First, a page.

The Guild has been around for some time now and I’ve enjoyed watching it many times over. It’s about the woes of RL existence for a group of gamer geeks.
I first noticed the main drive behind The Guild, Felicia Day, from another similarly awesome project – Dr. Horrible’s Sing-along Blog. Aside from that, I’m also a casual but frequent World of Warcraft player. Thus, when I encountered The Guild I was absolutely trilled as it does a great job of illustrating the tone of some of the weird social stuff that comes out of leading a dominant online life.
The Guild has gone on in to a third season and I see no end in sight. I’m loving the third season and finding the earlier times remain well worth watching. I’ve also found the DVD is cool as they’ve tossed in the various little extras one might expect from a DVD (commentary, etc).
Check it out some time if you are willing to have a good giggle..
For the lazy, I’ve embedded the first episode below / after the break and if you like it, I’d suggest you toss a few bucks their way as this isn’t some lameo cash grab, but rather sincerely creative people producing something of real value and substance. You can also watch The Guild on youtube of from www.watchtheguild.com.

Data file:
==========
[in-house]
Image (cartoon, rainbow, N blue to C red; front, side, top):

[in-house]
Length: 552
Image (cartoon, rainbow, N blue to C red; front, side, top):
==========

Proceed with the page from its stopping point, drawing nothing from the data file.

So I’ve been dragging my feet, trying to really wrap my brains around how nMOS, pMOS and the ever awesome n&p party called CMOS really get along, when I came across THIS freaking awesome page that really provided the illustration for how these things work that I’ve been looking for! The page that hosts this demonstration page I’m talking about is for some university in Hamburg, so I’m really thankful their page was written in English.
Anyone out there taking a course involving CMOS logic should really test/augment their understanding by taking a run through this page. It’s so freakin helpful!
For those who are bizarrely keen, the course I’m taking that relates to this is ENCM467 at the University of Calgary. Feel free to check out my notes for some vague scribblings related to this.